Infrastructure - alphabetical list

The laboratories at 4D Space are developed and equipped to assemble, inspect, calibrate and test instruments. The main focus is space instrumentation, but other disciplines are of course possible.

Aqueous chemistry involves a wide range of techniques and methods, from freeze drying and heating to instruments for measurement of chemical components. Photo: Gunn Kristin Tjoflot, UiO

The Aqueous Chemistry Lab is used for analysis of major and trace element compositions in natural waters and sediments. The lab provides data to research in environmental geosciences and for studies in disciplines related to pollution and environmental geosciences at the Dept. of Geosciences. It also has years of experience in providing analyses to a range of external clients.

The bioimpedance lab is equipped for impedance measurements in a broad frequency range, spanning from mHz to GHz. We study both linear and non-linear electrical properties. Furthermore, equipment for water sorption studies and near-infrared spectroscopy. We have expertise in electrode systems and measurements on humans, organs, cells, food, other biological tissues and inorganic materials.

Illustration: Cell-Lab

The cell laboratory is completely equipped for culturing mammalian cells and has instruments for measuring and controlling the oxygen level in the cells' micro environment. Cell irradiation facilities include a 220 kV X-ray machine as well as a cell irradiation set-up and a cell laboratory in connection with Oslo Cyclotron Laboratory for proton irradiation.

 

Compute nodes at Center for analysis of astrophysics data

Center for analysis of astrophysical data is an IT resource for the center of excellence RoCS, EU-projects, NFR projects at Institute for theoretical astrophysics and a resource for scientists and students at the institute and international colaborators.

The Electron Microprobe Laboratory at the Department of Geoscience, University of Oslo. Photo: Gunn Kristin Tjoflot, UiO

The Electron Microprobe Analyzer (EMPA) provides in-situ qualitative and quantitative chemical analysis of minerals and other solid materials at the micrometer scale. We have extensive experience in performing high-quality microanalyses for research and education at the Dept. of Geosciences, Material Sciences and other Institutes at UiO, for other Norwegian and Nordic research institutions as well as for industry clients.

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Finse Alpine Research Center, located in the northwestern part of the Hardangervidda mountain plateau. Seminars and meetings, as well as university field courses, are regularly held in the conference unit.

The lab in Forskningsparken houses a JEOL JIB-4500, a dual-beam focused ion beam (FIB) that allows sample preparation and investigation. The system is equipped with a Kleindiek micro manipulator needle, as well as a Kleindiek two-point electrical characterization system. The system is often used in conjunction with TEM-lamella fabrication.

Water wave tank

The function of the Hydrodynamic lab is to provide space, facilities, and equipment for physical, coastal and ocean research.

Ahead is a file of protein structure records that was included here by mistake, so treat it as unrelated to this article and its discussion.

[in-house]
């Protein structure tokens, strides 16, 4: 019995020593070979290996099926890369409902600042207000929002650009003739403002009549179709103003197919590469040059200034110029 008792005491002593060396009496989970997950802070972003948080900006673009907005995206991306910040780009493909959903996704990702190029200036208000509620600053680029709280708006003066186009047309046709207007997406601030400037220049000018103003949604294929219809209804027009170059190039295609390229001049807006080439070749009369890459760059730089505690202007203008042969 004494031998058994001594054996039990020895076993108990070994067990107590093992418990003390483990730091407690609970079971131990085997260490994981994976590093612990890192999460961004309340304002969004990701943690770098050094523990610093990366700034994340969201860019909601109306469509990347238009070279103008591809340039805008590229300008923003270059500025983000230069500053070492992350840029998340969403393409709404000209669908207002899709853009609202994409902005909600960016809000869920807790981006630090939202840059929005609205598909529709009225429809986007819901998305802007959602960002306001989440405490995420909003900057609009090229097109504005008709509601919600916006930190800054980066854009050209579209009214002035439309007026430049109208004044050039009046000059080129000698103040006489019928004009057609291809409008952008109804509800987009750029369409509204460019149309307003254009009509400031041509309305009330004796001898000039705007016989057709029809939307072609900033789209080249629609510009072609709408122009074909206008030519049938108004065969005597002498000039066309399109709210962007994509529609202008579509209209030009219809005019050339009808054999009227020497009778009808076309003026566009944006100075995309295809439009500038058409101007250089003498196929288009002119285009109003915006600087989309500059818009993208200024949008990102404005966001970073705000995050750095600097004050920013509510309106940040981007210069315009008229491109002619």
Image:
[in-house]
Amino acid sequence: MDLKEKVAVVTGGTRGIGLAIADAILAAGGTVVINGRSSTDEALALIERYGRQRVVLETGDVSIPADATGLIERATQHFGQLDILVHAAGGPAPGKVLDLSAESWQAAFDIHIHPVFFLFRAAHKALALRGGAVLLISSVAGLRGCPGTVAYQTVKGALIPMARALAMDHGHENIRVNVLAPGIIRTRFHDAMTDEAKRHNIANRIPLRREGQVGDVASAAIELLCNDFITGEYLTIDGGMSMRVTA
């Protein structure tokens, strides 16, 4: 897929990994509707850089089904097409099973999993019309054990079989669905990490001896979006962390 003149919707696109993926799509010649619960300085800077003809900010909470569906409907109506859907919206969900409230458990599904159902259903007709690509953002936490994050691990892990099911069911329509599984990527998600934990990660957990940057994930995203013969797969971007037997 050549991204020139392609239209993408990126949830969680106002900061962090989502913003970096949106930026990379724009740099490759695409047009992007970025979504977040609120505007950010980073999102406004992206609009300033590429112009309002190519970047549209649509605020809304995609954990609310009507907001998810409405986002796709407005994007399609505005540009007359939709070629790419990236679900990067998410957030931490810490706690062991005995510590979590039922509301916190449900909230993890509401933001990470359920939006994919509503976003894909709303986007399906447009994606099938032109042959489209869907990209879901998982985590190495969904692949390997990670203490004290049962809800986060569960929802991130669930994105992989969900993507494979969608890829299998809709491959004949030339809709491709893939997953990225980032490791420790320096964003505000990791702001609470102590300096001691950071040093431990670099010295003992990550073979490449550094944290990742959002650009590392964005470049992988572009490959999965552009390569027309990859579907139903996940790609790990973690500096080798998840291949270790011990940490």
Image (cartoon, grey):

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The Instrument Laboratory is a mechanical workshop that serve primarily the faculty of mathematics and natural sciences as a partner in developments and prototyping of new instruments for experimental sciences.

House

The University of Oslo have a marine biological station in Drøbak that includes a research station (Biologen), established in 1894, and a lodging and conference centre (Tollboden), established in 1860.

PCB mounting lab

The NANO laboratories at the Department of Informatics provide resources for future research and innovation in nanoelectronics(microelectronics). The facilities will enable advanced research on system design in silicon with direct relevance to Norwegian world-leading nanoelectronics industry.

The Department of Chemistry maintains and operates an advanced state-of-the-art NMR laboratory with a fleet of 8 instruments in the range from 200 MHz to 800 MHz.

Reagent tubes

The Norwegian Culture Collection of Algae, NORCCA, maintained and owned by the Norwegian Institute for Water Research (NIVA) and the University of Oslo (UiO), includes algal strains from the two institutes and the former Danish algal culture collection SCCAP.

The node at the University of Oslo hosts two Transmission Electron Microscopes (TEM) that are part of the NORTEM national infrastructure. The instruments are fully equipped for structural, compositional and optoelectrical characterization of materials. We additionally have holders and systems for performing experiments at high and low temperatures, in-situ electrical biasing, and for studying in-operando solid-gas reactions.

The Norwegian Sequencing Centre Logo

The Norwegian Sequencing Centre is a national technology core facility offering sequencing services on the HiSeq X, HiSeq 3000/4000, HiSeq 2500, NextSeq 500 & MiSeq instruments from Illumina, and also the Sequel from Pacific Biosciences.

The Thermo TSQ 8000 (gas chromatograph - triple quadrupole mass spectrometer) is the main instrument in the lab, and provides sensitive analyses for example of biomarkers in petroleum. Photo: Gunn K Tjoflot, UiO